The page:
The economy was slightly stronger in the first quarter than previously reported, but was still nothing to write home about. At this point, however, investors are focused on data that supports an expected pickup in growth in Q2, shrugging off what was just the most recent in a lengthy string of lackluster starts to the year.
The third estimate of GDP released this morning revealed that the U.S. economy grew at a 1.4 percent quarter-over-quarter pace in the first quarter, modestly exceeding the consensus expectation for an unchanged 1.2 percent pace.
A sluggish start to the year is nothing new for the U.S. economy. Since 2000, first quarter growth has averaged just about 1 percent versus an average growth rate of 2.2 percent for the rest of the year. The underlying cause remains unexplained from an official perspective, but appears to be a persistent shortcoming in the application of seasonal adjustment factors. With that in mind, the soft Q1 growth pace should be taken with a grain of salt.
Underlying the slower headline growth was a sizable slowdown in consumer spending. After registering a robust 3.5 percent advance in Q4, consumer spending grew by a mere 1.1 percent in Q1. The unseasonably mild winter in January and February that resulted in consumers spending less on services, such as utilities and snow removal, may be partially to blame. Contracting inventories also shaved about 1.1 percent from top line growth, effectively erasing a 1.0 percent boost to Q4 growth from inventory buildup.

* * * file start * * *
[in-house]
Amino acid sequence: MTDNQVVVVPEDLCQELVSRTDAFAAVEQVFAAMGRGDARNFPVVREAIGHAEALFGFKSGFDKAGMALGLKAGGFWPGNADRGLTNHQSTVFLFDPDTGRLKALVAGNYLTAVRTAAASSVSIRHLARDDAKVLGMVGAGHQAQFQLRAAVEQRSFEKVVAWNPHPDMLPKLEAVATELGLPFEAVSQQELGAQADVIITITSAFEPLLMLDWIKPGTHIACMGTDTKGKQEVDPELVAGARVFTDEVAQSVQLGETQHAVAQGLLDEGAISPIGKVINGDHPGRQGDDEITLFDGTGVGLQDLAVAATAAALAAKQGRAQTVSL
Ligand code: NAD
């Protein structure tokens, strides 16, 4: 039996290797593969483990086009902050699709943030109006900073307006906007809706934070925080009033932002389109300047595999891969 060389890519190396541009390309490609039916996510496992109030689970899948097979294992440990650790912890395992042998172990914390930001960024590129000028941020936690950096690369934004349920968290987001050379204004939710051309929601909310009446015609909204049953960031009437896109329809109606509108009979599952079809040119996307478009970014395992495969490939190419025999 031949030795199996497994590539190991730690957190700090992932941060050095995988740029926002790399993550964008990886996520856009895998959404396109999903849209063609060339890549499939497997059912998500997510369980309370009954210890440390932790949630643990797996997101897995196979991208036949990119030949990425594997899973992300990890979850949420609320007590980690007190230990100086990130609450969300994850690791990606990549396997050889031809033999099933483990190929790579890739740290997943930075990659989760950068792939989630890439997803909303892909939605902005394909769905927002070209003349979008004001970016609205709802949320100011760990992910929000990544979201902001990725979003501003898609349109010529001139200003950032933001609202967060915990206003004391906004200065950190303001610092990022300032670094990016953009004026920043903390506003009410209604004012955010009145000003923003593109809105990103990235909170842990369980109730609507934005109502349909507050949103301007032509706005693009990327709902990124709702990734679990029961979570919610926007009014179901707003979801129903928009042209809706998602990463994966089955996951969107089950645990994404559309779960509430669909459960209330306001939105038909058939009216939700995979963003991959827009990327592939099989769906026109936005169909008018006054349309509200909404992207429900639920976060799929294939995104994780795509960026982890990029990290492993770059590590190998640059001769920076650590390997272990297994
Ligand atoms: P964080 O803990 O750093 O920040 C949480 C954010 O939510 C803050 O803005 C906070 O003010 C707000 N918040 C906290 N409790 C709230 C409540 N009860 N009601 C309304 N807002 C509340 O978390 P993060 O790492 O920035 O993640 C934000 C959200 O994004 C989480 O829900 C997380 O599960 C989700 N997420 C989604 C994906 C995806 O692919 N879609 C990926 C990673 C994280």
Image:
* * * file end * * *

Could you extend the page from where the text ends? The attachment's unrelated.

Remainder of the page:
One bright spot was a surge in business fixed investment, as investment in structures, equipment, and intellectual property surged. The sharp post-election increase in business confidence was expected to boost capital spending, and it appears that was the case.
Strong residential construction (which grew by 13.0 percent) also likely benefited from both improving consumer sentiment and the mild winter weather.
Ultimately, today’s report is unlikely to have any meaningful impact, as it merely reinforces what was already widely understood. The economy slowed in the first quarter, largely due to a sharp slowdown in consumer spending growth. While not a positive outcome, it’s also unlikely to have legs. A combination of strong labor market conditions, growing income, and a broadly upbeat consumer mood should support stronger spending in the coming months.